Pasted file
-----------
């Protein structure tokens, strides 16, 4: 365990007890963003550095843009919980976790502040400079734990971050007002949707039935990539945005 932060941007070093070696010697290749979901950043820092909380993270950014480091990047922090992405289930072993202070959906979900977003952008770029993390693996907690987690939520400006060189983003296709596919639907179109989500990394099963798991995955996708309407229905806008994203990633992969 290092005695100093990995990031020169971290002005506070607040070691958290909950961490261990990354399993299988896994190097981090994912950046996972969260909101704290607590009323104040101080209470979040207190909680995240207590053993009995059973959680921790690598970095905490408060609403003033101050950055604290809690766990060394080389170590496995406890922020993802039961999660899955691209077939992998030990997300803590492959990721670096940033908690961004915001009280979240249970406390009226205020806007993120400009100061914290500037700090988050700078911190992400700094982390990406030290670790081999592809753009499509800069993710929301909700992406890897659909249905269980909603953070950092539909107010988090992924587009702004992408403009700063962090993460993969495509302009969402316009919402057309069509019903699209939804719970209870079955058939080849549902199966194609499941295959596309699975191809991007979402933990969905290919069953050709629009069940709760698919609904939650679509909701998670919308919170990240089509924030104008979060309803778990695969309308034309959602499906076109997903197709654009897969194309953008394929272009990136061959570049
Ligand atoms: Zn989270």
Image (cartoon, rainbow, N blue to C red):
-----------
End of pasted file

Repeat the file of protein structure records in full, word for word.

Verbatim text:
């Protein structure tokens, strides 16, 4: 365990007890963003550095843009919980976790502040400079734990971050007002949707039935990539945005 932060941007070093070696010697290749979901950043820092909380993270950014480091990047922090992405289930072993202070959906979900977003952008770029993390693996907690987690939520400006060189983003296709596919639907179109989500990394099963798991995955996708309407229905806008994203990633992969 290092005695100093990995990031020169971290002005506070607040070691958290909950961490261990990354399993299988896994190097981090994912950046996972969260909101704290607590009323104040101080209470979040207190909680995240207590053993009995059973959680921790690598970095905490408060609403003033101050950055604290809690766990060394080389170590496995406890922020993802039961999660899955691209077939992998030990997300803590492959990721670096940033908690961004915001009280979240249970406390009226205020806007993120400009100061914290500037700090988050700078911190992400700094982390990406030290670790081999592809753009499509800069993710929301909700992406890897659909249905269980909603953070950092539909107010988090992924587009702004992408403009700063962090993460993969495509302009969402316009919402057309069509019903699209939804719970209870079955058939080849549902199966194609499941295959596309699975191809991007979402933990969905290919069953050709629009069940709760698919609904939650679509909701998670919308919170990240089509924030104008979060309803778990695969309308034309959602499906076109997903197709654009897969194309953008394929272009990136061959570049
Ligand atoms: Zn989270």
Image (cartoon, rainbow, N blue to C red):